October 26, 2002
It remains unclear whether HIV and/or its therapy may lead to premature coronary heart disease (CHD). There have been increasing reports of metabolic abnormalities (hyperlipidemia, glucose disturbances, fat accumulation, fat wasting) occurring in HIV-infected individuals on antiretroviral therapy, however, the long-term consequences of these remain to be defined.
Prospective observational cohorts are currently underway. In the absence of definitive data, it seems prudent to treat these metabolic abnormalities in the HIV-infected population as one does for the HIV-uninfected population. The difficulty in choosing therapeutic strategies for metabolic abnormalities is that there is limited data on the safety and efficacy of these treatment strategies but also because we have little understanding of the pathophysiology of these metabolic complications.
One way to help determine whether these metabolic complications are, in fact, potentially leading to premature coronary heart disease would be to evaluate patients for subclinical atherosclerosis. A new technology called electron beam computerized tomograpy (EBCT) can measure the amount of calcification in the lining of the blood vessels. Coronary arterial calcification (CAC) has been shown to be a marker of atherosclerosis and can help predict those at greatest risk for development of coronary heart disease and, potentially, a future cardiac event in an HIV-uninfected patient.
Dr. David Parenti presented the results of a small intriguing study evaluating the electron beam computerized tomograpy results from 39 HIV-infected men without any cardiac symptoms who have been on a protease inhibitor (PI)-containing regimen for at least 24 months. The mean age of the patients was 47 years old and they had the following traditional cardiac risk factors: 33 percent tobacco use, 18 percent hypertension, 34 percent body mass index greater than 27 and 23 percent on lipid-lowering therapy with a statin. None of the subjects had diabetes. The mean CD4+ T-cell count was 566. The mean duration of protease inhibitor use was 51 months and 51 percent had been on a boosted protease inhibitor for a mean of 22 months. The mean coronary arterial calcification scores were compared with age-matched historic controls (published data from other studies calculating coronary arterial calcification scores in asymptomatic HIV-uninfected men).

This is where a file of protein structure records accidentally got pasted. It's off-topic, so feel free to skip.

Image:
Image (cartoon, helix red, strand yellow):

Interestingly, Dr. Parenti reported that there was a significant difference in coronary arterial calcification scores between patients on boosted protease inhibitors compared with single protease inhibitor use but yet there was no association between coronary arterial calcification scores and the duration of time someone was on a protease inhibitor.
Fifty-six percent of HIV-infected subjects had positive coronary arterial calcification score (greater than or equal to 1). Thirty-seven percent of those patients on a single protease inhibitor regimen had a positive coronary arterial calcification score, compared to 75 percent of those on a double protease inhibitor regimen (p = 0.025). There was no significant difference in age between the single protease inhibitor and double protease inhibitor groups. There appears to be only modest differences in coronary arterial calcification scores between protease inhibitor-treated patients and asymptomatic controls. Although Dr. Parenti concluded that these findings suggest that double protease inhibitor regimens may lead to accelerated atherosclerosis, several attendees expressed their concern at basing a conclusion on a small sample size.
I believe this is a step in the right direction to assist us in understanding the significance of the metabolic derangements we are seeing. In the ideal study, it would have been best to have a control group matched not only for age but for all traditional risk factors and to follow this cohort prospectively. It is difficult to interpret a small sample size with many confounding factors including different regimens. Nevertheless, it is from small pilot studies such as this that beg us to perform larger more definitive studies.
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